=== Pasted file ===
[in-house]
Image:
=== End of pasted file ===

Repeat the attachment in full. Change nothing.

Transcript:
[in-house]
Image: